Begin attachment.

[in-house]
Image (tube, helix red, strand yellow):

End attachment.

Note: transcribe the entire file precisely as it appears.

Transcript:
[in-house]
Image (tube, helix red, strand yellow):